Falling bond yields are aggravating the underfunding of defined benefit pensions, and further quantitative easing will make the problem worse still. This from Jacob Funk Kirkegaard at the Peterson Institute, with a piece entitled: Central banks should also be wary what they buy.
Accounting rules are leading to stricter funding requirements in the US, argues Mr Kirkegaard. This in turn forces pension plan sponsors to increase their contributions to underfunded schemes.
China has temporarily increased the reserve ratio required from six large commercial banks banks. For two months, the banks will need to keep 17.5 per cent of depositors’ balances on hand, instead of 17 per cent. With banks hoarding more cash, money supply and credit availability will fall in China. In two months’ time, the reserve ratio is expected to return to 17 per cent.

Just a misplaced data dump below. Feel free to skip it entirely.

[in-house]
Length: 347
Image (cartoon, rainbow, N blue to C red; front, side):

The surprise move, reported by Reuters from four unnamed sources, may be a response to rising capital flows, rather than a prelude to monetary tightening. It could also be intended as a warning to banks rumoured to have stepped up their lending in September, above government targets.
Stanley Fischer’s mantelpiece must be full. He’s just won another central banker award, this time Central Bank Governor of the Year from euromoney magazine, which has been running the award for 30 years.
Just yesterday, Sunday, he was awarded best Middle East central bank governor from magazine Emerging Markets. Last month, he was one of only seven central bankers to be awarded an ‘A’ grade by Global Finance magazine.